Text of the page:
SDG 6, Clean Water & Sanitation

Clean Water & Sanitation

SDG#6 Ensure availability and sustainable management of water and sanitation for all

Clean, accessible water for all is an essential part of the world we want to live in and there is sufficient fresh water on the planet to achieve this. However, due to bad economics or poor infrastructure, millions of people including children die every year from diseases associated with inadequate water supply, sanitation and hygiene.

Water scarcity, poor water quality and inadequate sanitation negatively impact food security, livelihood choices and educational opportunities for poor families across the world. At the current time, more than 2 billion people are living with the risk of reduced access to freshwater resources and by 2050, at least one in four people is likely to live in a country affected by chronic or recurring shortages of fresh water. Drought in specific afflicts some of the world’s poorest countries, worsening hunger and malnutrition. Fortunately, there has been great progress made in the past decade regarding drinking sources and sanitation, whereby over 90% of the world’s population now has access to improved sources of drinking water.

To improve sanitation and access to drinking water, there needs to be increased investment in management of freshwater ecosystems and sanitation facilities on a local level in several developing countries within Sub-Saharan Africa, Central Asia, Southern Asia, Eastern Asia and South-Eastern Asia.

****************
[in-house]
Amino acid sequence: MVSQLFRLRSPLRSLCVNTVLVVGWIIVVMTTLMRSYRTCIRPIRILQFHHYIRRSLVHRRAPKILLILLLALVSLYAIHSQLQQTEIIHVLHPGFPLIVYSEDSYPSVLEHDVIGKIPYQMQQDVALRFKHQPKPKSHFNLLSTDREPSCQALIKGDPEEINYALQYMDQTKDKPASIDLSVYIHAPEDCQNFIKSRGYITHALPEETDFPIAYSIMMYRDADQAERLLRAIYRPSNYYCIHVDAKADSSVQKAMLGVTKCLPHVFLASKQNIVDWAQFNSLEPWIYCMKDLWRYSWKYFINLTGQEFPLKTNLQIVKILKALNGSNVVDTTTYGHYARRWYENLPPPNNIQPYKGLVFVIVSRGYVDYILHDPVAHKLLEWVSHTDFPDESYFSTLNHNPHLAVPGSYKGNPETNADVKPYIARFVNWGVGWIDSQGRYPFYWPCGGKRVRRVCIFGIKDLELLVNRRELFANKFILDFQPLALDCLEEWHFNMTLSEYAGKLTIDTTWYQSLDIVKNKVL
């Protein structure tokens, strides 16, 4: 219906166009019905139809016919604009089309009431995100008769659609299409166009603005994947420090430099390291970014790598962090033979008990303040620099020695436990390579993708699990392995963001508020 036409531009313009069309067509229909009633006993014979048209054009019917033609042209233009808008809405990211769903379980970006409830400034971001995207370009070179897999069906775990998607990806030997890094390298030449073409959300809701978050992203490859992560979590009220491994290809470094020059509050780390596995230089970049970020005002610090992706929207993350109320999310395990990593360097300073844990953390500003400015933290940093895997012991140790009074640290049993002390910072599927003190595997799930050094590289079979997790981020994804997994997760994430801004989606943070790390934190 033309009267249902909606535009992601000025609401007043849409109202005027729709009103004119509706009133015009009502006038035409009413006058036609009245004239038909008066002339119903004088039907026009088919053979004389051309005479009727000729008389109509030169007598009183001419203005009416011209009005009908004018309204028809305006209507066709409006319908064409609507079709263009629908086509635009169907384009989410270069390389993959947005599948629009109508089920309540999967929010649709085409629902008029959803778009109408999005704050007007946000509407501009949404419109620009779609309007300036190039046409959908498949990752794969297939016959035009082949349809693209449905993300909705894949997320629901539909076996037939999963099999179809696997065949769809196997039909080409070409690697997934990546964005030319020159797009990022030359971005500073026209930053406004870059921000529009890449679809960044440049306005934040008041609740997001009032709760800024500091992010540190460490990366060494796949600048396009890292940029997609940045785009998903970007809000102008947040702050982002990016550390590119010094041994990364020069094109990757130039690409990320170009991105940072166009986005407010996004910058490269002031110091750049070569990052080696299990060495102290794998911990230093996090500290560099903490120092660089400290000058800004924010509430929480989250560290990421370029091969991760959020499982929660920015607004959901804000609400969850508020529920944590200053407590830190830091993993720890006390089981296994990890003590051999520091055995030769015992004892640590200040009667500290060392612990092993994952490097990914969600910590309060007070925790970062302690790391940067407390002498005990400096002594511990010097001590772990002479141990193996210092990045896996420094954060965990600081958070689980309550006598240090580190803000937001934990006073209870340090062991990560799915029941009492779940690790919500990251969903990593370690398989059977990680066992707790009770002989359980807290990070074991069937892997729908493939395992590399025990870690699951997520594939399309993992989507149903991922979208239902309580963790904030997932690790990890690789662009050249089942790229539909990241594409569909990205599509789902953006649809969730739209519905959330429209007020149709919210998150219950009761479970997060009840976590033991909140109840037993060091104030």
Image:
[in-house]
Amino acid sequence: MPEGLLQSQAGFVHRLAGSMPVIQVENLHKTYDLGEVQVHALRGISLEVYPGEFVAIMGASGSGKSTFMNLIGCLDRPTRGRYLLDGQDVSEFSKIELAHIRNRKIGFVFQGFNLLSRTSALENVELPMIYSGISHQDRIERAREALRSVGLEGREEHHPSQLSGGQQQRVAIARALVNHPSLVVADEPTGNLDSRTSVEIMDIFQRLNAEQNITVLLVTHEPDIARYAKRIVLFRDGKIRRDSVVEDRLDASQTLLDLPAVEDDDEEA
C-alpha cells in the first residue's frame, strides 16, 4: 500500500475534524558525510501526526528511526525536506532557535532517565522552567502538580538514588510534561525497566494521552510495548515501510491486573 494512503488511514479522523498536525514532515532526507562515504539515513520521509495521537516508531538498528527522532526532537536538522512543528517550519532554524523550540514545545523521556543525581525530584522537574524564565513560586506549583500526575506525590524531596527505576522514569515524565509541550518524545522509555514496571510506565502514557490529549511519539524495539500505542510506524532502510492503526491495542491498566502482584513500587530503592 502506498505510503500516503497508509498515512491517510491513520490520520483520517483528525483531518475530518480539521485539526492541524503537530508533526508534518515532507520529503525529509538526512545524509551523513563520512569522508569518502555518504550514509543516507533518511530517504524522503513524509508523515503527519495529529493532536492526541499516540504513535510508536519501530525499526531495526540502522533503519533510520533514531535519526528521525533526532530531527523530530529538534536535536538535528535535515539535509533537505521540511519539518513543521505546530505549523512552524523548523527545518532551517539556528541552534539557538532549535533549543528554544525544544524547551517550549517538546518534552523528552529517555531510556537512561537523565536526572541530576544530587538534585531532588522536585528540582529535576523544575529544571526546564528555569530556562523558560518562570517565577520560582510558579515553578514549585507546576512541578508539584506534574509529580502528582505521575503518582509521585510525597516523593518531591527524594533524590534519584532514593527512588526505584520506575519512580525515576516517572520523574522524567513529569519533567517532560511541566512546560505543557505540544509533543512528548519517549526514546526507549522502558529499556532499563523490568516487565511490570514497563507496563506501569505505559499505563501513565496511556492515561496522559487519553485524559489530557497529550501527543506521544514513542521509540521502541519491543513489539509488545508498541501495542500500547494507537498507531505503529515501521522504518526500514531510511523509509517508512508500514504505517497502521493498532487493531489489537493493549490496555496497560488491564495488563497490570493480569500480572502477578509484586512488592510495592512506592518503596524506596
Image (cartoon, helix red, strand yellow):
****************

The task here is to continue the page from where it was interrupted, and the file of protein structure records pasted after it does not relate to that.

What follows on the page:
Global water challenges, such as water scarcity and pollution, are having an increasingly negative impact on businesses. Now more than ever, companies need to assess their water performance and the watersheds in which they operate in order to address these challenges and ultimately stay in business.
Water-related business risks are generally placed in three broad categories:
  • Physical risk – Relates to water quantity (scarcity and flooding) and water quality that is unfit for use (pollution)
  • Reputational risk – Relates to the impact on a company’s brand and can influence customer purchasing decisions
  • Regulatory risk – Relates to the capacity of government to manage water effectively and sustainability
Water stewardship helps companies identify and manage water-related business risks and allows them to contribute to and help enable more sustainable management of shared freshwater resources. Stewardship also reduces operational costs; protects the company from ensuing water stress; and improves the company’s image in the eyes of consumers, investors, and nearby communities.
So what can your company do?


  1. Adopt water stewardship practices in your business, by joining the CEO Water CEO Water Mandate.
    The CEO Water Mandate can assist you in developing, implementing and disclosing your water sustainability policies and practices. It will enable your company to share best and emerging practices and to forge multi-stakeholder partnerships to address water challenges found in river basins around the world.